It is unfortunate that it took the current stock market debacle to refocus investor outrage on the gross inequity of options accounting.
The fact is that options have been a convenient method for simultaneously inflating the reported strength of earnings, cash flow and the balance sheet under current accounting rules.
Earnings are overstated because the current accounting "cost" of options when granted at-the-money is exactly zero, despite having very real economic value to the recipient and equivalent cost to the issuing firm's shareholders.
Cash flow from operations is enhanced by reduced cash compensation expense and the tax benefit recognized upon the exercise of options.
Lastly, the balance sheet is buttressed by the cash flow benefits as well as the strike price proceeds collected when options are exercised--in essence an evergreen equity offering at below market prices.
The strength of many tech balance sheets can be traced to this prolific issuance of equity for options, acquisitions and underwritings. It's easy to see why the tech industry is fighting so hard to keep options from being expensed: No one likes to lose a free lunch.
Silicon Valley's disingenuous arguments against the appropriate expensing of options are predictable and largely representative of the tech industry's self-serving position. It is time to debunk some common options myths perpetuated by the tech crowd:
It's easy to see why the tech industry is fighting so hard to keep options from being expensed: No one likes to lose a free lunch.
The diluted share count does not capture the real economic cost of options. Diluted share count only measures the historical options liability at a particular point in time. It does not appropriately reduce the earnings stream being capitalized to reflect substitution of options for cash compensation. Enron's Jeffrey Skilling admitted the benefits of this substitution effect during his congressional testimony, "You issue stock options to reduce compensation expense and therefore increase your profitability."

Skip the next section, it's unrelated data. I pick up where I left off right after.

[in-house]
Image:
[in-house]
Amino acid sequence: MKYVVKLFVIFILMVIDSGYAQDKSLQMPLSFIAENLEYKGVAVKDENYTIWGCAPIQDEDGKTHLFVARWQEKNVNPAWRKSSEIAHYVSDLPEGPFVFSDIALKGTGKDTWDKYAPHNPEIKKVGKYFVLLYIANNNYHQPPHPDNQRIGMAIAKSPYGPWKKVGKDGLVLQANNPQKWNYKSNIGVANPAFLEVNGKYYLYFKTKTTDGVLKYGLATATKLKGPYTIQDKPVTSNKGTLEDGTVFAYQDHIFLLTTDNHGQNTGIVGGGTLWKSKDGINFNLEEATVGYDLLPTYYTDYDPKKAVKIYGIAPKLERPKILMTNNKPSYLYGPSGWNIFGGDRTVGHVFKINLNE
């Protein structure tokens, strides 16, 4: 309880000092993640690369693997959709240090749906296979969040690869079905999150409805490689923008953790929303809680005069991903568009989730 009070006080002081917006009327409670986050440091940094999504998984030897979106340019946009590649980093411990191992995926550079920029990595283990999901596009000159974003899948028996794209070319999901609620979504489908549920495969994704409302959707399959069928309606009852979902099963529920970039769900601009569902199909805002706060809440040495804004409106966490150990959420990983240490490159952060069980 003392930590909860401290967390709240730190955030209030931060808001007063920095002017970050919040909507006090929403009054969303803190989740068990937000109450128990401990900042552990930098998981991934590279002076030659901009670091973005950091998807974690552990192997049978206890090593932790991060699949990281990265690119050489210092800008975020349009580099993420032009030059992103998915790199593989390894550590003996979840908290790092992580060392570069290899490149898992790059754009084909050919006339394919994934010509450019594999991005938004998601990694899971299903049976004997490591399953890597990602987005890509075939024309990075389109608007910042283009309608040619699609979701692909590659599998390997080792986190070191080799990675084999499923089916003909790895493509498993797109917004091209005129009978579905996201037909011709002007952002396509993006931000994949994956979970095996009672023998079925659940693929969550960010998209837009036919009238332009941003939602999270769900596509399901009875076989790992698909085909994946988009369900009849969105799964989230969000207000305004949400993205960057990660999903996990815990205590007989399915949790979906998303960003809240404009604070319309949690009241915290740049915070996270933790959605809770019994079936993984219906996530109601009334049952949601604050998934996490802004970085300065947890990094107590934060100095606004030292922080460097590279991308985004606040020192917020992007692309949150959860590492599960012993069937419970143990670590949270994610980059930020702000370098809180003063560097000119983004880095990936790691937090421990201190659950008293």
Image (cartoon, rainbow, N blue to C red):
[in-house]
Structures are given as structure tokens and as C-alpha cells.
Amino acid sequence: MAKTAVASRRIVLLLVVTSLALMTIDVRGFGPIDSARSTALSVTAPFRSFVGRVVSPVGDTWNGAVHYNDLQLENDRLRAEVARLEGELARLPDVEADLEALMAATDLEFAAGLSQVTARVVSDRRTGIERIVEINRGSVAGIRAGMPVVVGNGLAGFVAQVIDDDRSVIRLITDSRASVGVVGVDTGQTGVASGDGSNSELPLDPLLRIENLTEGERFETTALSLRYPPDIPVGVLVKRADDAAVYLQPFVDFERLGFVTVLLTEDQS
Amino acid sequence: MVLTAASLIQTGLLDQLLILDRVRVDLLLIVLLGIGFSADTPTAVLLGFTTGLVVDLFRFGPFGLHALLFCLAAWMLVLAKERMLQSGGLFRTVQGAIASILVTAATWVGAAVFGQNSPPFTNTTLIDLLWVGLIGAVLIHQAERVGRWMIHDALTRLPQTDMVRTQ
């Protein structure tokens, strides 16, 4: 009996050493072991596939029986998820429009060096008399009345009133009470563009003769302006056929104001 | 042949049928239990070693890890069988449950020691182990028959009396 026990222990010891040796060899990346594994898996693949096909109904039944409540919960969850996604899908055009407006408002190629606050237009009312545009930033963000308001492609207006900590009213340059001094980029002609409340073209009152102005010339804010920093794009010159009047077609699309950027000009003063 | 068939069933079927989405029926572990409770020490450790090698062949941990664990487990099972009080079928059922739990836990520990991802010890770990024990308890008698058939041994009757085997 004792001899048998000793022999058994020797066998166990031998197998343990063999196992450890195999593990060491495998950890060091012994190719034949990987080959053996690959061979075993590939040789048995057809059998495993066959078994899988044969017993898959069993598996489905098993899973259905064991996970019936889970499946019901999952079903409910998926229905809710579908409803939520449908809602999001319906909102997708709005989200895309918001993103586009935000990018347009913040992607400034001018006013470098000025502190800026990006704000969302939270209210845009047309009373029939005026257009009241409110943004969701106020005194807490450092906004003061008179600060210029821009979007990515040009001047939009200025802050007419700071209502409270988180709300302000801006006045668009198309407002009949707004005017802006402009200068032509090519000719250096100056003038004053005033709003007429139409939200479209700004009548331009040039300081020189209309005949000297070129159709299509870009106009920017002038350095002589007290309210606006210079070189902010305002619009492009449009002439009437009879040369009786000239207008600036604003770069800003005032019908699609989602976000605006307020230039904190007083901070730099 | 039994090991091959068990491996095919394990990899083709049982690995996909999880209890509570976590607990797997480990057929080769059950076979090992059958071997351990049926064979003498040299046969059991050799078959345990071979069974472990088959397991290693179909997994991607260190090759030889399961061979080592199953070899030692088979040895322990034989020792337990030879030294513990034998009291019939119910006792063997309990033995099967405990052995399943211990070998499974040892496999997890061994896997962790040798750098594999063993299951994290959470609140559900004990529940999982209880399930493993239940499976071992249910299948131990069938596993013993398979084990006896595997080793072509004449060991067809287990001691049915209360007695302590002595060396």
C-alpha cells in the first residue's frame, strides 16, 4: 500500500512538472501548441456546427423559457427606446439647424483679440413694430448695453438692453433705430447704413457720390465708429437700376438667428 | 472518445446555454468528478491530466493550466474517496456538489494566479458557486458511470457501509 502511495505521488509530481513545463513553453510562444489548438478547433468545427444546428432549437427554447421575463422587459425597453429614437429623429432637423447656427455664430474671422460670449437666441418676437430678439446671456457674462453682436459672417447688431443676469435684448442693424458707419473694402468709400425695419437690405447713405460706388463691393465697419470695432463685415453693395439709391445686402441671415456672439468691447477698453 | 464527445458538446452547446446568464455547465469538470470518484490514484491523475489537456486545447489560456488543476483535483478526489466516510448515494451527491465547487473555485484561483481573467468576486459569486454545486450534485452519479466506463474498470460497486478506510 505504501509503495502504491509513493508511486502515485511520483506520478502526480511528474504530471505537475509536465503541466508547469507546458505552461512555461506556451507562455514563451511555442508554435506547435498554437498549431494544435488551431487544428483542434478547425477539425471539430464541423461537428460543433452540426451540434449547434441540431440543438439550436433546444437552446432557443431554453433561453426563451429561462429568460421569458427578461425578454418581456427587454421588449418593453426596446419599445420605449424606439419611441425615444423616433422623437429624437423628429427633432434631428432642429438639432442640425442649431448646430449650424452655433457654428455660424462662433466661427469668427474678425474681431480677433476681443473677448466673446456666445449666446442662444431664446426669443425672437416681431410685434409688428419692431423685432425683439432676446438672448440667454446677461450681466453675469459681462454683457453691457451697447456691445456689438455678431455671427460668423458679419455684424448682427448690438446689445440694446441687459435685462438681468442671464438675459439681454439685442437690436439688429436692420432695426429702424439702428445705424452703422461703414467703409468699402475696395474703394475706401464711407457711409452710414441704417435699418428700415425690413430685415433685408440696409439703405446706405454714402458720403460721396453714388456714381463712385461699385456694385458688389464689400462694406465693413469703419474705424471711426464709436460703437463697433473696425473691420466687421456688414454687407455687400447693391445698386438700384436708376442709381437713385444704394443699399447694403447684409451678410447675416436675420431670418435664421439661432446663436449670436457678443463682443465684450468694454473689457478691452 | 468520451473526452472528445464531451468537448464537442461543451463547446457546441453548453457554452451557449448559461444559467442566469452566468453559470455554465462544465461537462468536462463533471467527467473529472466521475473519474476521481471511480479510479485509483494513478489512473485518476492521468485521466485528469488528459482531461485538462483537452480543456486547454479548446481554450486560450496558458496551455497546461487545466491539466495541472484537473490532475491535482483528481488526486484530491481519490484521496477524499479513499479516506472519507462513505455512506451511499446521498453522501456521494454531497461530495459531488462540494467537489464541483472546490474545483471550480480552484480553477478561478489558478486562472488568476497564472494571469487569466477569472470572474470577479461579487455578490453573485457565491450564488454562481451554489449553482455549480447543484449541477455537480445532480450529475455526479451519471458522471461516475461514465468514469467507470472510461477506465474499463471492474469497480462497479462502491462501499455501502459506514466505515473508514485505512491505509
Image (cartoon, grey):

Options often do not promote outright stock ownership. Most companies grant options annually to their employees, and anecdotal evidence suggests employees are often quick to sell their stock after exercising. This is typically for diversification reasons, which defeats the purported purpose of building a direct ownership stake.
Expensing of options will not cause Silicon Valley's level of innovation to grind to a halt. It will simply put their businesses on a level playing field, in terms of accounting, with those that pay cash or restricted stock or virtually any other form of compensation that is expensed. What it will end is the charade of inflated financial results that enriches VCs and employees at the expense of unwitting investors.
Options are most definitely a form of compensation. To argue otherwise is absurd. As Coke's CFO stated, "there's no doubt that stock options are compensation--if they weren't, none of us would want them."
Options are not impossible to value. Options pricing using Black-Scholes provides a reasonable approximation of value and Coke's novel method of averaging actual bids from multiple investment banks is brilliant and probably the optimal pricing method. Just because an expense must be estimated, like the value of goodwill, depreciation or loss reserves, doesn't mean it should be ignored.
Options are not inherently bad; they just need to be accounted for in the same manner as other forms of compensation.
The tech industry is simply afraid of the ugly truth: After taking options into account, much of Silicon Valley's economic miracle is really just a giant wealth transfer machine.
Perhaps the most fascinating aspect of the options debate is that expensing options is just a bookkeeping entry, a noncash charge, like goodwill amortization, that tech firms are already so good at pro-forma-ing out of existence. Nothing changes in the actual operations or cash flow of the corporation.
So why is the tech industry so afraid of this phantom charge? Because it will serve to highlight for less sophisticated investors just how badly they've been getting diluted.
Greenspan's recent comments on this topic are quite revealing: "If investors are dissuaded by lower reported earnings as a result of expensing, it means only that they were less informed than they should have been. Capital employed on the basis of misinformation is likely to be capital misused."
Let's look at the minority who are opposed to expensing options: It is primarily the tech industry, the venture capitalists who back them and the politicians who receive large checks from them. Virtually every other group--including academics, investors and regulators--agrees with Warren Buffett's simple Socratic line of reasoning: "If options aren't a form of compensation, what are they? If compensation isn't an expense, what is? And, if expenses shouldn't go into the calculation of earnings, where in the world should they go?"
The tech industry is simply afraid of the ugly truth: After taking options into account, much of Silicon Valley's economic miracle is really just a giant wealth transfer machine. The tech industry needs to wake-up and realize that the bubble by which it benefited so greatly is finally over.